I am an educator and liaison officer at the Fairview International School. Like the five other Fairview International Schools in Malaysia which boast 30 years of experience in international education, our school here in Thailand has produced excellent results. I have a great team of super teachers and staff in which more than half of them, I am very proud to say, are Filipinos.
Is there a Filipino community there?
Filipinos are everywhere! In Thailand, the biggest percentage of OFs is in the field of education. Then there are those who are excelling in engineering, those who work for call centres in Bangkok, and managers in hotels and resorts in different parts of the country. We have the Organization of Filipino Educators/Expatriates in the South of Thailand (OFEST) which helps support and deal with Filipino community issues in this side of the country together with the Philippine Embassy in Bangkok.
Tell us about your life there?
More than five years away from the Philippines and travelling across borders, seeing the reality of other’s lives, living with the amazing locals-my life is an open journal of learning, celebration, adventures and misadventures.
In my busy schedule, I still get homesick once in a while. Good thing we’re just five minutes away from Chalatat beach. I’d often draw, paint, write poems, do my photo walk sessions, read books, meditate and on stressful times, I’d shout crazily at the strong waves with my friends while we’re having our own luau party in its vast sands. The quiet waters of the Thailand Gulf has become our safe place, our sanctuary.
When we want to get posh, half-an-hour ride from our place would bring you to the city of Hatyai where all the hotels, shopping malls, restaurants and bars are. Our favorite hang-out is a bar which is managed by a kabayan who also happens to be the lead vocalist of the live band there. Within the Filipino community, we celebrate birthdays, and other occasions. Filipinos also meet in Catholic and Christian churches in the city.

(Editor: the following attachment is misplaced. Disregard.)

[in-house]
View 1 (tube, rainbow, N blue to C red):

What cultural practices/behaviors have you acquired from your host country?
If there is one thing, that would be ‘jai yen yen’ (keep your heart cool). Thais are generally warm, gentle and slow to anger. I am a patient person but have become more patient as I understood Thai beliefs and culture more. There is a reason why they call this ‘The Land of Smiles’ – people are so friendly that ‘smiles’ would often be enough to connect to each other.
Your message to Filipino across the globe?
Kumusta na mga kababayan lalo na sa aking kapwa mga kababaihan? Salute to all of you! No matter where we are, no matter what we are doing, never let other people from another country or fellow Filipinos, nor yourself put YOU down—stand out and be proud. When doing something, let us consider the impact of that action not only on our personal lives but to all Filipinos around the globe because each of us bears each other’s name. We are one. Let us help end the stereotyping and discrimination by starting it within ourselves. We can do it. We are Filipinos, born to survive and to make a difference. Mabuhay tayong lahat!